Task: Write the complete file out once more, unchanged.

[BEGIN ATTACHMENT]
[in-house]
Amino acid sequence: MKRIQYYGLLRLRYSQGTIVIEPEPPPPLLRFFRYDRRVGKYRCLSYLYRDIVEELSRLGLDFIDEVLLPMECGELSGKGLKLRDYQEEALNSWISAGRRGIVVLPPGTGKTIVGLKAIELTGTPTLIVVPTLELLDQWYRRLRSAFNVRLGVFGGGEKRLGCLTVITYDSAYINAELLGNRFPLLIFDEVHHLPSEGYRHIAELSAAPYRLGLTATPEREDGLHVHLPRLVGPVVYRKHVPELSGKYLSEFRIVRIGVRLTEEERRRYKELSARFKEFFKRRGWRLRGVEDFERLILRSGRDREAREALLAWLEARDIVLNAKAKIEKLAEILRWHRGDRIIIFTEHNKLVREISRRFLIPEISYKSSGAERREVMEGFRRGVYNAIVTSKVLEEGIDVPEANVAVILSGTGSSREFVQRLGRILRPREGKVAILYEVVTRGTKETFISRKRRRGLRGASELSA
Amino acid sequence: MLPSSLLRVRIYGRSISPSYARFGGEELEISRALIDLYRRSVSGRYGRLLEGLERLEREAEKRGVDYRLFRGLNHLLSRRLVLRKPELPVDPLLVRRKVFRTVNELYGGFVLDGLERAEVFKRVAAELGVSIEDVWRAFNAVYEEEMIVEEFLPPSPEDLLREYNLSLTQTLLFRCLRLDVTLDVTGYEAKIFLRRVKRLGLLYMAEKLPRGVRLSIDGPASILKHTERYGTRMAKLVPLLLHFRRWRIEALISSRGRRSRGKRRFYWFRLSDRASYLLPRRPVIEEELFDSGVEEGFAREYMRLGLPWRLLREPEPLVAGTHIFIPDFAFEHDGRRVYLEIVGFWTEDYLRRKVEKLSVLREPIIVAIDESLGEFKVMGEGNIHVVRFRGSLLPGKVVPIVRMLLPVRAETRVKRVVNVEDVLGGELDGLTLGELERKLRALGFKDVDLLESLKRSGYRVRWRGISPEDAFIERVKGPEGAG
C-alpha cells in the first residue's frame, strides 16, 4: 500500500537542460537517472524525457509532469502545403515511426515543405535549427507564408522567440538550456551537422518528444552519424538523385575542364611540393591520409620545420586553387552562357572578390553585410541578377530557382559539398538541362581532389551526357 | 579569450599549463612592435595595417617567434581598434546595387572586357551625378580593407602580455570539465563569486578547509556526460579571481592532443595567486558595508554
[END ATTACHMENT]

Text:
[in-house]
Amino acid sequence: MKRIQYYGLLRLRYSQGTIVIEPEPPPPLLRFFRYDRRVGKYRCLSYLYRDIVEELSRLGLDFIDEVLLPMECGELSGKGLKLRDYQEEALNSWISAGRRGIVVLPPGTGKTIVGLKAIELTGTPTLIVVPTLELLDQWYRRLRSAFNVRLGVFGGGEKRLGCLTVITYDSAYINAELLGNRFPLLIFDEVHHLPSEGYRHIAELSAAPYRLGLTATPEREDGLHVHLPRLVGPVVYRKHVPELSGKYLSEFRIVRIGVRLTEEERRRYKELSARFKEFFKRRGWRLRGVEDFERLILRSGRDREAREALLAWLEARDIVLNAKAKIEKLAEILRWHRGDRIIIFTEHNKLVREISRRFLIPEISYKSSGAERREVMEGFRRGVYNAIVTSKVLEEGIDVPEANVAVILSGTGSSREFVQRLGRILRPREGKVAILYEVVTRGTKETFISRKRRRGLRGASELSA
Amino acid sequence: MLPSSLLRVRIYGRSISPSYARFGGEELEISRALIDLYRRSVSGRYGRLLEGLERLEREAEKRGVDYRLFRGLNHLLSRRLVLRKPELPVDPLLVRRKVFRTVNELYGGFVLDGLERAEVFKRVAAELGVSIEDVWRAFNAVYEEEMIVEEFLPPSPEDLLREYNLSLTQTLLFRCLRLDVTLDVTGYEAKIFLRRVKRLGLLYMAEKLPRGVRLSIDGPASILKHTERYGTRMAKLVPLLLHFRRWRIEALISSRGRRSRGKRRFYWFRLSDRASYLLPRRPVIEEELFDSGVEEGFAREYMRLGLPWRLLREPEPLVAGTHIFIPDFAFEHDGRRVYLEIVGFWTEDYLRRKVEKLSVLREPIIVAIDESLGEFKVMGEGNIHVVRFRGSLLPGKVVPIVRMLLPVRAETRVKRVVNVEDVLGGELDGLTLGELERKLRALGFKDVDLLESLKRSGYRVRWRGISPEDAFIERVKGPEGAG
C-alpha cells in the first residue's frame, strides 16, 4: 500500500537542460537517472524525457509532469502545403515511426515543405535549427507564408522567440538550456551537422518528444552519424538523385575542364611540393591520409620545420586553387552562357572578390553585410541578377530557382559539398538541362581532389551526357 | 579569450599549463612592435595595417617567434581598434546595387572586357551625378580593407602580455570539465563569486578547509556526460579571481592532443595567486558595508554